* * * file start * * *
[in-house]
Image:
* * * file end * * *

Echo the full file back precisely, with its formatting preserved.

[in-house]
Image: